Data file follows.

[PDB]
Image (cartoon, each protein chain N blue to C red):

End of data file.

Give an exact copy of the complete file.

[PDB]
Image (cartoon, each protein chain N blue to C red):